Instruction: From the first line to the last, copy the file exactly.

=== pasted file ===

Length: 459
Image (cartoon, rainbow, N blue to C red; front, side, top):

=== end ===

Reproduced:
Length: 459
Image (cartoon, rainbow, N blue to C red; front, side, top):